Online Program

Stressors and mental health challenges faced by immigrant Chinese massage parlor workers in HIV prevention

Monday, November 4, 2013 : 1:10 p.m. - 1:30 p.m.

Lois Takahashi, PhD, Department of Urban Planning, UCLA, Los Angeles, CA
Karin Elizabeth Tobin, PhD, Health, Behavior and Society, Johns Hopkins Bloomberg School of Public Health, Baltimore, MD
Stacy To, APAIT Health Center, Los Angeles, CA
Helen Ma, APAIT Health Center, Los Angeles, CA
Samuel Ou, APAIT Health Center, Los Angeles, CA
Fiona Ka Wa Ao, MPH, EdD, Division of Health Sciences, California State University, Dominguez Hills, Carson, CA
Jury Candelario, APAIT Health Center, Los Angeles, CA
Background: The prevalence of HIV/AIDS among Asian Americans in the US has grown substantially, especially for women. Between the years 2001-2004, the proportion of HIV/AIDS diagnoses among Asian American females aged 15-39 years increased more than other similar age racial/ethnic groups. Of particular concern, but little understood, is HIV risk among Asian immigrant women who are sex workers, especially the potential mediators and moderators for safer sex behavior (e.g., condom use). Method: Facilitator notes from twenty-two sessions of a culturally-tailored HIV prevention intervention program developed for Chinese monolingual massage parlor workers were coded and analyzed. Results: Study participants described mental health challenges including feelings of social isolation, shame and stress. There were multiple sources of stress which included: financial cost of immigration; need to financially support family with limited work options; inability to disclose to family and friends; harassment by customers. These sources of stress were also associated with the women choosing to enter the massage parlor/sex work industry (lack of available employment options) and not being able to exit the industry. Additional stresses were experienced when these women were arrested on suspicion of prostitution because of a lack of licensing (required by the state of California for masseuses). Implications: Addressing social isolation and mental health challenges of immigrant populations is a priority, however, more research is needed to clarify the mechanisms that influence HIV risk behaviors.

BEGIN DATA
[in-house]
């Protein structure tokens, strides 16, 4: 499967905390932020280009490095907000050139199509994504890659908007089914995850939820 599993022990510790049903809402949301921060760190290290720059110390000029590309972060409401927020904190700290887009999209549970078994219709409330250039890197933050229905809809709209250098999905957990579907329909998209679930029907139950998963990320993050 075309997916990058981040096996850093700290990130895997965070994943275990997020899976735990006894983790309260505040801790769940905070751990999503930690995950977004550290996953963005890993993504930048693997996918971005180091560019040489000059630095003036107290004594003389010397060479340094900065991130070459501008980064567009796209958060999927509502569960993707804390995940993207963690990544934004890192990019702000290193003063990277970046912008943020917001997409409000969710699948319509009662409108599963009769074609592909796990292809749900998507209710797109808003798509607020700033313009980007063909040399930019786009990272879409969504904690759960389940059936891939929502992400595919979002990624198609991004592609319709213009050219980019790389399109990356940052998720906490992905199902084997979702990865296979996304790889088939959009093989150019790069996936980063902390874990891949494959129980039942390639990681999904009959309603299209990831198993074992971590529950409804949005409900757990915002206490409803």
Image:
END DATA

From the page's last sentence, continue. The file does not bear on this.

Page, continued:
Learning Areas:

Assessment of individual and community needs for health education
Diversity and culture
Planning of health education strategies, interventions, and programs
Social and behavioral sciences

Learning Objectives:
Explain mental health challenges faced by immigrant low-English proficient Chinese women who work in massage parlors. Discuss social isolation, shame, and stress as moderators for HIV risk reduction.

Keyword(s): HIV/AIDS, Asian and Pacific Islander Women

Presenting author's disclosure statement:

Not Answered